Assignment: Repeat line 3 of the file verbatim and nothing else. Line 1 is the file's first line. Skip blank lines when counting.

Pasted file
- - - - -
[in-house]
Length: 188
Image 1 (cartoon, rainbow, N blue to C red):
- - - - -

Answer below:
Image 1 (cartoon, rainbow, N blue to C red):